What I finally came up with was so cheap, easy to make, and healthy that it has become my go to lunch for years now. Anyone with a Costco Membership and a slow cooker can make what I’m making as well, The ingredients are cheap and the prep is at the level where even someone with absolutely no skills could make it without a problem. Need a slow cooker? Check this one out from Hamilton Beach, I’ve used it and it works well for me: (link directs to amazon).
The recipe uses four simple ingredients:
Costco Brand Chicken Tenderloins: (Cost $16-$17 for the bag/$6 a week)
Costco Brand Mixed Vegetables: (Cost $6-$7 for the bag/$2 a week)
Store Brand Spaghetti Sauce or Salsa of your choice (24 oz. jar):(Cost usually $2-$3, but can be as low as $1; same price per week)
Rice of your choosing: (Cost is probably $.25 a week)
Put around 2-3 pounds of frozen chicken in a slow cooker, with around 24 oz. of Spaghetti Sauce or Salsa in the morning, turn it on low. Let it cook until it’s finished (usually six hours for me).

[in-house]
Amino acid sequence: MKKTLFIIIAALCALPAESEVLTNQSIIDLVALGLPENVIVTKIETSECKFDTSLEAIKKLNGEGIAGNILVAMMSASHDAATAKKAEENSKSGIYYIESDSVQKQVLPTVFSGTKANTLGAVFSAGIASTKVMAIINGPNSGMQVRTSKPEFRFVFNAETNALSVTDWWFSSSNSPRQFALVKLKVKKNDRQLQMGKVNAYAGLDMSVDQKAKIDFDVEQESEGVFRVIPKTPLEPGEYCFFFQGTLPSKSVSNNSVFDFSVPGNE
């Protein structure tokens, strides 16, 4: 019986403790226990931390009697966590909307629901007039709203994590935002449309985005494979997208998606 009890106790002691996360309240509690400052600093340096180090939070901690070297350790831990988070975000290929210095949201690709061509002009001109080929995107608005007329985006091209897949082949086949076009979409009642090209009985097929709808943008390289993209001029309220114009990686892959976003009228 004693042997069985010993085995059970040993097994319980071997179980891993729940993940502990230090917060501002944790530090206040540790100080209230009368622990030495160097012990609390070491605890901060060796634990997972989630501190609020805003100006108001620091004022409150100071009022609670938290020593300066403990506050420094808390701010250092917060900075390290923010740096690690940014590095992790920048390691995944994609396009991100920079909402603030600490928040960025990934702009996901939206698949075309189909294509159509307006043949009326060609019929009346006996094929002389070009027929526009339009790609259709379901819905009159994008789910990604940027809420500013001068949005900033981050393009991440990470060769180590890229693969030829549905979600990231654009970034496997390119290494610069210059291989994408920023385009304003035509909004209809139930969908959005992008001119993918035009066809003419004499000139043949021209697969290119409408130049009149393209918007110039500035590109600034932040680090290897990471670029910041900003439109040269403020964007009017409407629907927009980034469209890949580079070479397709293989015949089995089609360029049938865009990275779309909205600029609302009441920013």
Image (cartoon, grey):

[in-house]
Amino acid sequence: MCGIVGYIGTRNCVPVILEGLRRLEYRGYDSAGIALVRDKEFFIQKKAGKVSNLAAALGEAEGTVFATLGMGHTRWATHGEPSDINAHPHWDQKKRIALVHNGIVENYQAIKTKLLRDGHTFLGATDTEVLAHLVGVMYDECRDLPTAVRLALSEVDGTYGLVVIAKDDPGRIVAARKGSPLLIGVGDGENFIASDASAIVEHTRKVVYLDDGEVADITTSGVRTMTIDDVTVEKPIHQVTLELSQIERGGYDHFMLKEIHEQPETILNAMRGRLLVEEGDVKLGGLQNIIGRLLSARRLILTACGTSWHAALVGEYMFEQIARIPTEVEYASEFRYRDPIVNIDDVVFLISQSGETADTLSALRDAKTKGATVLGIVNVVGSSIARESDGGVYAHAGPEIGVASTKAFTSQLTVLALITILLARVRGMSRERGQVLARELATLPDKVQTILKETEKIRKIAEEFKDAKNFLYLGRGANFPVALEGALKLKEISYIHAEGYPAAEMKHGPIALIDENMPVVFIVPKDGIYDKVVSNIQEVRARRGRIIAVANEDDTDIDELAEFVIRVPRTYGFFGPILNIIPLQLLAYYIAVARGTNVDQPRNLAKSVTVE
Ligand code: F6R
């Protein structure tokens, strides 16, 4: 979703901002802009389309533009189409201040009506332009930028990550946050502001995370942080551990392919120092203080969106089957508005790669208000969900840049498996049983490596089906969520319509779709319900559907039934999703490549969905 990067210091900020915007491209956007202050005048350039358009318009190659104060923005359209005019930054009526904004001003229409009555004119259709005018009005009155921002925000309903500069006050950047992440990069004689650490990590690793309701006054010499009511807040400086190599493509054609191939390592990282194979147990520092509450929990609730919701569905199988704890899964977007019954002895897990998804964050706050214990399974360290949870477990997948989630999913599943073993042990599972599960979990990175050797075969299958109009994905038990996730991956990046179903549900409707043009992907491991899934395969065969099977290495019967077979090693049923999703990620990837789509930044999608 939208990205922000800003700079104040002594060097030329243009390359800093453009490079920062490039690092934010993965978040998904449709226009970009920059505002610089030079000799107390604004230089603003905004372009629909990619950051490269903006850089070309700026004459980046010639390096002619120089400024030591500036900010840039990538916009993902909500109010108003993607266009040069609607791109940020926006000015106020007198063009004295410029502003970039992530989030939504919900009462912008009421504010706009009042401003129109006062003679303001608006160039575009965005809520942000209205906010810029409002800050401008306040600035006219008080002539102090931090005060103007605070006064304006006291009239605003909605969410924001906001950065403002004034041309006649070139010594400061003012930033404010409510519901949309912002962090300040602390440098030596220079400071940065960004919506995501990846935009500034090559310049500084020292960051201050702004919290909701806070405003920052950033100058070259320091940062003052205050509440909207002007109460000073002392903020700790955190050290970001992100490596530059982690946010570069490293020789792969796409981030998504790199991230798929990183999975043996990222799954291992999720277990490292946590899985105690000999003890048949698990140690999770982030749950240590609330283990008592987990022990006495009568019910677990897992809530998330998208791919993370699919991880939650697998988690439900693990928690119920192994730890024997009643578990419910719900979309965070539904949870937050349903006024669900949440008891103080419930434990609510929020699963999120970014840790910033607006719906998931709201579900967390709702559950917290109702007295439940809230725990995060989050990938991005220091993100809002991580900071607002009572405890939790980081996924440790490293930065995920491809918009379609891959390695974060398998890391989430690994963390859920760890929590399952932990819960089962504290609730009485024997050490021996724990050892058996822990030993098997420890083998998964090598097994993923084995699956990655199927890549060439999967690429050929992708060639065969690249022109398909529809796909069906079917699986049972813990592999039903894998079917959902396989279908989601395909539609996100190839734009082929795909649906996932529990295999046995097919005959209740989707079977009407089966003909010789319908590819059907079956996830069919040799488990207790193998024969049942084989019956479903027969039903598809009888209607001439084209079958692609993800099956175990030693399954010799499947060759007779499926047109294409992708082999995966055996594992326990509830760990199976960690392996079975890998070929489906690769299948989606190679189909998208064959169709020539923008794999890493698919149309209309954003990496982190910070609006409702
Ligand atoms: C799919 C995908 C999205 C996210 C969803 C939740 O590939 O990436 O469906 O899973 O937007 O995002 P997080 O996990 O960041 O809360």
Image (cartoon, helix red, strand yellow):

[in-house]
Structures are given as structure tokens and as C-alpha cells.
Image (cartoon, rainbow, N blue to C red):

Once the chicken is done, put 2 cups rice in your rice cooker with the proper amount of water and prep that.
After your rice and chicken are cooked, split the rice into equal portions in five containers, add a handful of the frozen vegetables, and an portion of the chicken. You can pour some of the pasta sauce or salsa on it if you like, and of course add some spices. I like oregano and cayenne powder. Here is the finished product in four lunch containers:
Let the containers cool a bit, and then put your food in the fridge and take one to work each day. They heat in around 2-3 minutes in the microwave.